Improved understanding of degradation mechanisms occurring in PV cells or modules would also help to lower PV module production costs: in many cases, protective materials against environmental stresses are introduced in modules to offer the guaranteed lifetime. This is for example true for flexible thin film modules, like CIGS, that contain an expensive barrier to prevent water ingression. All package materials in such modules can make up to 70% of the module costs. These protective materials are often over-dimensioned in order to be certain to obtain the required lifetime: more knowledge about the degradation mechanisms can therefore make solar cells more intrinsically stable and more accurately predictable. Better understanding about the long-term stability of the module and its constituents would therefore likely prevent over-dimensioning and allow reduced costs for these protective materials.

To give a general estimation of module reliability, solar cells and modules are nowadays tested and qualified by Accelerated Lifetime Tests (ALT)9. The most profound qualification tests are defined by the International Electrotechnical Commission (IEC) 61215 tests10, which give "go/no go" decisions on the stability of PV modules. However, Osterwald et al.11 revealed that a positive outcome of the IEC tests does not always indicate that the PV module can stand outdoor conditions for 25 or more years. This limited correlation between field and laboratory testing was demonstrated to be especially true for the relatively new thin film modules12.

These tests do not yield insight into the degradation mechanisms ('Which processes and/or which stresses lead to observed slow module degradation or to rapid module failure?'). Moreover, these tests, which are currently based on single or dual stress factors (for example mechanical stress, or combined temperature and humidity) can certainly not simulate field behavior in a reliable way, since PV modules in the field are subject to numerous combined stresses (for example: temperature, humidity, wind, snow, illumination, dust, sand, water). These stresses can also vary per climate zone: while in the desert, temperature and illumination are likely important stress factors; in moderate climates, the influence of for example humidity can also be very important. To simulate the degradation and consequent failures in various climates, various combinations of multiple stresses are thus required. Consequently, simultaneous exposure to multiple stresses is very important to obtain a good estimation of the module reliability in a certain climate, and combined stress tests should thus be part of laboratory tests.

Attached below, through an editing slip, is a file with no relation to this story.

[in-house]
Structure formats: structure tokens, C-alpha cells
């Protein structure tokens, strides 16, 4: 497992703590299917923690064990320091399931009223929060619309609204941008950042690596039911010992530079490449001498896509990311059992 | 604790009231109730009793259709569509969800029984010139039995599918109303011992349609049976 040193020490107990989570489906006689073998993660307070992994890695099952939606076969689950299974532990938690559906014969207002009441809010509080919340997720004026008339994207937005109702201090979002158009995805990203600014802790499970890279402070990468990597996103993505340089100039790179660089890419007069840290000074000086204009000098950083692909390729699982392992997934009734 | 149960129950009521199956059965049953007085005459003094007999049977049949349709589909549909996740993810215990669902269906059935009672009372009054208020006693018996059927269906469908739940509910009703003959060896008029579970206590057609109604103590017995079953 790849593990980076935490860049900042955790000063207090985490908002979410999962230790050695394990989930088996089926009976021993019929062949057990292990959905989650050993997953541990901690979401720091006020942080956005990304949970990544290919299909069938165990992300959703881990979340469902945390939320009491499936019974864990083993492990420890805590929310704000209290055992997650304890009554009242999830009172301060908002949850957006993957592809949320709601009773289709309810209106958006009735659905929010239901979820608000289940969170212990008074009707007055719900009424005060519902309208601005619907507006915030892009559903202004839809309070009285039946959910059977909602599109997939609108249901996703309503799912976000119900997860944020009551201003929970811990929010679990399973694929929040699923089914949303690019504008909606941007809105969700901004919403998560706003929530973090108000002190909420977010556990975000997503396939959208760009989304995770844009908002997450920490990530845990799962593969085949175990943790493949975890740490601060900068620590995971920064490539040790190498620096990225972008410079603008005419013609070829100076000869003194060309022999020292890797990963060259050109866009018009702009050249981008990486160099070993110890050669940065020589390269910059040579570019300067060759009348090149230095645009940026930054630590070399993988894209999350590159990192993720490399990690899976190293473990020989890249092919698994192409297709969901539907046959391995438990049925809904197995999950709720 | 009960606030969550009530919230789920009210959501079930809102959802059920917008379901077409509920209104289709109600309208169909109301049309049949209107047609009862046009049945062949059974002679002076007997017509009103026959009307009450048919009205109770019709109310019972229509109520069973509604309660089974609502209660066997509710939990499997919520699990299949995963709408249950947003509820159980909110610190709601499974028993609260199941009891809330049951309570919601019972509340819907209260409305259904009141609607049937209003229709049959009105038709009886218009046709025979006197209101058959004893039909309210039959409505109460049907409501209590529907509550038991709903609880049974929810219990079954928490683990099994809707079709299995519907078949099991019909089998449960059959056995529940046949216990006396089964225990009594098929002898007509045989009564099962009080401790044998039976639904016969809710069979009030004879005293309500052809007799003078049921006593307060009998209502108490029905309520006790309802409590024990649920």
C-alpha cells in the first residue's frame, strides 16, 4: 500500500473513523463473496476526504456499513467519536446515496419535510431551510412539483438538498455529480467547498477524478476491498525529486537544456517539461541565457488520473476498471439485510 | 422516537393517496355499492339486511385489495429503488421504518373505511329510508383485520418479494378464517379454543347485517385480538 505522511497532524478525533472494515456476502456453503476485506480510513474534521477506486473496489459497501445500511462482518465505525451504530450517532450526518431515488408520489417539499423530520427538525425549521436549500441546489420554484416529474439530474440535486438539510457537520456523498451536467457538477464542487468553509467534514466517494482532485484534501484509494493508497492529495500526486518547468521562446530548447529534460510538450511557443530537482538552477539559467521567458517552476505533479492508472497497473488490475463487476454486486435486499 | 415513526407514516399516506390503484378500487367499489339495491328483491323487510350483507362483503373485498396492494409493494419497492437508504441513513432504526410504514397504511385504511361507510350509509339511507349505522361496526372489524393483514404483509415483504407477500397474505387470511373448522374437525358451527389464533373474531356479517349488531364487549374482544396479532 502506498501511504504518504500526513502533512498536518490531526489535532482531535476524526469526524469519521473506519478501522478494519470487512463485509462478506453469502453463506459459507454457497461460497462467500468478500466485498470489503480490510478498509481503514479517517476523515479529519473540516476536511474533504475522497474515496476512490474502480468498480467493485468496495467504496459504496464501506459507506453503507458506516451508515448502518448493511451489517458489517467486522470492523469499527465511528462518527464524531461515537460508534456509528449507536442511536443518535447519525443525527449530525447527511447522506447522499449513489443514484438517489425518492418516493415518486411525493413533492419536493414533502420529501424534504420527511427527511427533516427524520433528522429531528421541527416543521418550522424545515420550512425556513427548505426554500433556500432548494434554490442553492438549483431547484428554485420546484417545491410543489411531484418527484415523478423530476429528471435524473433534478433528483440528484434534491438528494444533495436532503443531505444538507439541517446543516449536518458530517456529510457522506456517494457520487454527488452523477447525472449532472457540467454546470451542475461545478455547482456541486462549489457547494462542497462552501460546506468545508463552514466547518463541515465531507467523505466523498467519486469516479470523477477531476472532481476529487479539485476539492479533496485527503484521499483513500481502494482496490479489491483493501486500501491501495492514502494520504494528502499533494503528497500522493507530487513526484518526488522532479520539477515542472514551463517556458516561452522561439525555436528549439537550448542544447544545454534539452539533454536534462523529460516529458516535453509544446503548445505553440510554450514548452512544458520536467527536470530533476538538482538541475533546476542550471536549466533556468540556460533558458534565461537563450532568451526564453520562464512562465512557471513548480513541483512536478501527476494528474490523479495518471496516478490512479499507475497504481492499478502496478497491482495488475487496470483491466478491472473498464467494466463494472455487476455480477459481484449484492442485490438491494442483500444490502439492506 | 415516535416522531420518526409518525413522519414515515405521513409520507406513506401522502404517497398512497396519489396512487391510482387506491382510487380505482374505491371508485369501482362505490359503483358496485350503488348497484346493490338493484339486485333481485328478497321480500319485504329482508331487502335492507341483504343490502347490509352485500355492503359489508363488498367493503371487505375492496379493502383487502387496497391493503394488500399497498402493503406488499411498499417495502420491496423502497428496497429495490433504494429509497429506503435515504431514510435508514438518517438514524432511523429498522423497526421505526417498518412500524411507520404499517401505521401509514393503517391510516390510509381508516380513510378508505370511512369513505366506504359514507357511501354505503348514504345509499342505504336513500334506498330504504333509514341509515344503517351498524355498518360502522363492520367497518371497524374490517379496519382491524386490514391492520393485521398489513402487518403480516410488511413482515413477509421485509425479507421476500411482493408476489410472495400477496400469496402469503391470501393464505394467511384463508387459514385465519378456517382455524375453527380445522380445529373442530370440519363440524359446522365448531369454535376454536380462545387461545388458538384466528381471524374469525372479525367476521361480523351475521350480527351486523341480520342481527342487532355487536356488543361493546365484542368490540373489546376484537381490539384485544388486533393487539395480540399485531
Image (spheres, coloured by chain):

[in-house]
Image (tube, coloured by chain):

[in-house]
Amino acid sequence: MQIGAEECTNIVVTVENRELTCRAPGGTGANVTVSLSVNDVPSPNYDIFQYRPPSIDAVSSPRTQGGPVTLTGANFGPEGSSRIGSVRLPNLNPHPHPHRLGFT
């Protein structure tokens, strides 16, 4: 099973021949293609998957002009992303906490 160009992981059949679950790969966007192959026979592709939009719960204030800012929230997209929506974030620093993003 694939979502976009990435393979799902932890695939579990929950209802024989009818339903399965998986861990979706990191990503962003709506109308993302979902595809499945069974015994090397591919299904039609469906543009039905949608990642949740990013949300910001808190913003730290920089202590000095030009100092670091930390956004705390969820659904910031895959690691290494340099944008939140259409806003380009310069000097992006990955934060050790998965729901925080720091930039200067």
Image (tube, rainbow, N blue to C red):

It is thus proposed that qualitative and quantitative understanding of the degradation mechanisms occurring under combined stress conditions should be improved. Ideally, information about the solar cell or module should also be gathered during these tests, to allow identification of device changes during exposure. Therefore, we have designed and constructed two setups that allow simultaneous exposure to humidity, (elevated) temperatures, electrical biases, and illumination. In these setups, the severity of these stresses can also be tuned, depending on the goal of an experiment. Additionally, the illumination allows in situ monitoring of the PV devices (Figure 1)13,14,15,16,17,18,19,20. These types of tests will be named 'Combined Stress tests with in situ measurements' (CSI). In this protocol, two hybrid degradation setups, named 'CSI 1' and 'CSI 2', will be presented. Many studies, aiming at the improvement of understanding of the performance and degradation of especially thin film CIGS solar cells, were executed with these setups. A selection of stability and temperature dependency results obtained on unpackaged CIGS and CZTS solar cells are presented. More information can also be found in21,22.